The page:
Existing technologies can reduce fuel usage by nearly 30% for regional routes, creating immediate cost savings and air quality improvements, according to the Run on Less Regional Report, recently released by the North American Council for Freight Efficiency (NACFE).
The report uses data from a demonstration drive with 10 trucking fleets and is the second in a series of tests showing that improving fuel efficiency is within reach for trucking fleets with off-the-shelf technologies. The report focuses on regional haul trucking, which is characterized by distances under 300 miles to and from a base, predictable routes, and frequent returns to base, particularly overnight.
Fuel costs are the second-highest operating cost for fleets and while reducing fuel costs provides immediate savings, it also means less air pollution, creating cleaner skies, particularly for low-income communities, which are disproportionately located near highways and major thoroughfares.
The trucking industry has shown itself to be an essential resource, particularly to support health care, the food system and e-commerce, as COVID-19 has changed the face of work and life in our world.
“Regional haul can no longer be treated as a complex minority part of goods’ movement. We now have a strong definition of this important market segment and understand its impact on two of trucking’s huge challenges – attracting drivers and adoption of battery electric trucks,” says Mike Roeth, executive director of NACFE.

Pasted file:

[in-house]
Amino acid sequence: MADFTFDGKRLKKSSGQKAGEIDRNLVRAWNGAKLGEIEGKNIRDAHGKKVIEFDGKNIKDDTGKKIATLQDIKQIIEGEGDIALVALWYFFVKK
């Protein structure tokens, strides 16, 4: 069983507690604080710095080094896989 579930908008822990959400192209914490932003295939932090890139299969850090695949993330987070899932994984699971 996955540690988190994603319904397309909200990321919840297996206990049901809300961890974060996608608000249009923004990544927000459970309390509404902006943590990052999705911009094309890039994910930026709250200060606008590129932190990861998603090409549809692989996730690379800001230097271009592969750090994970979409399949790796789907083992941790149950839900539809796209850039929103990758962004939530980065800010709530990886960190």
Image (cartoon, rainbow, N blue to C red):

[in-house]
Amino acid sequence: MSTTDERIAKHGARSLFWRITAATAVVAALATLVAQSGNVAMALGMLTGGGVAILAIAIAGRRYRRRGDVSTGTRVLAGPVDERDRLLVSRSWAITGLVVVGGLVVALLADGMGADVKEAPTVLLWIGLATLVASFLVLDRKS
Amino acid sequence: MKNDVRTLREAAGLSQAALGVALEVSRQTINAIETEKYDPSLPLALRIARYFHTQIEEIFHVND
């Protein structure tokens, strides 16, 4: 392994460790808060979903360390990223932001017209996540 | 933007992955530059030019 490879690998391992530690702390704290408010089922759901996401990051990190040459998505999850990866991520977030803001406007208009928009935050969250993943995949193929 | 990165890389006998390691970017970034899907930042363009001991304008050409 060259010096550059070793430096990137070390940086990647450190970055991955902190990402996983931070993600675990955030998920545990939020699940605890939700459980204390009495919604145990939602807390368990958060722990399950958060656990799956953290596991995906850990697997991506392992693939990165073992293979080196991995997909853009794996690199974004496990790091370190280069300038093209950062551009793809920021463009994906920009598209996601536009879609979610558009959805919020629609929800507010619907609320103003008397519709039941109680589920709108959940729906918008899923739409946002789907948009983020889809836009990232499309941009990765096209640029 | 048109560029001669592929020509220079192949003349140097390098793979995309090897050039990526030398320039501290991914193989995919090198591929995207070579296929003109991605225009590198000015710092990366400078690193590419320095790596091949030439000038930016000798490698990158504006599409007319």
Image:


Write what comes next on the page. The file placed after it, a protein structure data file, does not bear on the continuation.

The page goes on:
With regional operations, drivers are more likely to get home on a regular basis, which could help the industry with its driver recruitment and retention problem. Regional operations are positioned to transition to alternative-fuel vehicles because adding infrastructure at the base for energy sources other than gasoline or diesel fuel is easier than the cross-country infrastructure that is needed for long haul trucking.
Despite the myriad of fuel efficiency technologies that are cost-effective to use, multiple barriers have stymied industry adoption. These include a lack of data about the true performance gains these technologies offer, as well as a lack of confidence in the payback for investment into these technologies. To overcome those barriers and facilitate the industry’s trust in and adoption of the most promising cleaner operating technologies, NACFE’s Run on Fewer tests and reports prove the value for efficiency, environmental benefits, and return on investment for fleets, notes the council.